State of confusion: WP7 and carrier selection

Samsung Omnia 7On Monday (Tuesday here in Oz) Microsoft’s Steve Ballmer stood on a stage in New York to announce the arrival (almost) to consumers of Windows Phone 7. A few hours later in Sydney the Australian announcement was made.

One of the things that bugs me a little are carrier exclusives. This is one of the great thing about the iPhone here in Australia, it’s available from all the carriers. It’s not exclusive to one. I feel a little sorry for friends in the US who can only use their iPhone on AT&T’s over burdened network.

 

So on Tuesday in Sydney, Microsoft announced that six Windows Phone 7 phones will be available from three different carriers. Awesome! However the bummer is that each carrier has it’s exclusives, so if you want to get a Samsung Omnia 7 (pictured above), you can only get it from Optus. Furthermore, is the selection of phones to match each carriers’ slice of the 3G/UMTS spectrum. For instance: The Telstra Next-G network works at 2100 & 850MHz, but the first phone they’ll have out the gate is the HTC 7 Mozart which operates at 2100 & 900MHz.

For your assistance, after much trolling for details I have complied the table below to assist you in your selection of your new WP7 phone.

HTC 7 Mozart LG Optimus 7Q HTC HD7
(avail 2011)
LG Optimus 7 Samsung Omnia 7 HTC 7 Trophy
Carrier   Telstra Telstra Telstra Optus Optus Vodafone
  UMTS Freq (MHz) 2100
900
2100
1900
900
2100
900
2100
1900
850
2100
1900
900
2100
900
Telstra 2100
850

X

X

X

 

 

 
Optus 2100
900

 

 

 

X

XX

 
Vodafone 2100
900

 

 

 

 

 

XX

Firstly I would like to apologise for any errors I’ve made in the table above. If you’d like to correct me, point me in the right direction in the comments below.

What we learn from the table, is that Telstra and Optus should have swapped their LG products. We can also see clearly that the Samsung Omnia 7 and HTC 7 Trophy are probably going to give you the best carrier match.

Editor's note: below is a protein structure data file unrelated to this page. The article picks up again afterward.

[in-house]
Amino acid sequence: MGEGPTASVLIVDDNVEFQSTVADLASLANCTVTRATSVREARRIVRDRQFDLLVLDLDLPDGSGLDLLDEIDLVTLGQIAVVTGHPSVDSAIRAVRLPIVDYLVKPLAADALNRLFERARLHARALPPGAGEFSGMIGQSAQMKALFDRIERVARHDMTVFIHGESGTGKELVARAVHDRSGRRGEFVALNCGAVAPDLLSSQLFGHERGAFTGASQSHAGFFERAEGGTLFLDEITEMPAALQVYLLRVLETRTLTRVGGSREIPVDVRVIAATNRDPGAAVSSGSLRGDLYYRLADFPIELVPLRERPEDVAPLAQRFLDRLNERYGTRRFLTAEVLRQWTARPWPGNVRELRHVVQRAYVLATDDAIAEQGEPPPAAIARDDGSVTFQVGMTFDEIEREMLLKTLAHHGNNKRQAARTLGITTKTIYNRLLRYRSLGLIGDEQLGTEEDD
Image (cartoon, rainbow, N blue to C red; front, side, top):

What would be really nice is if the manufacturers released a true world-UMTS phone a with quad-band chipset to support 2100/1900/900/850MHz just like Apple have done with the iPhone 4.

So, what are your thoughts? Is WP7 enough to win you over? Comment below.

Update (17-Oct)

Since posting, I’ve become aware of a “official” Telstra postings that state that devices sold by Telstra will be Next-G dual-band compatible using 2100/850MHz radios (not 2100/900 as specified on the MS Australia or manufacturers websites).
Deets here:

Update (20-Oct)

Just one sleep to go until Telstra lift the covers off the HTC 7 Mozart and still there seems to be zero advertising or info on the Telstra Mobile website (the Optus and Vodafone sites are equally devoid of WP7 info, aside from press releases hidden in the media section). Couple that with the fact that MS Australia seem to be unaware that the specs on their site contradict what Telstra are saying and it only compounds the confusion. Of course what Microsoft should have done is specified that all WP7 phone be quad-band UMTS (along with all the other non-optional specs). This would mean that consumers would have real choice when it comes to handset and carriers selection.

On positive note mobiletechworld.com have published a very comprehensive table of all the WP7 phone due for release. It even indicates that the three phones that Telstra will be offering are fully Next-G compatible by being available as either 2100/900MHz or 2100/850MHz.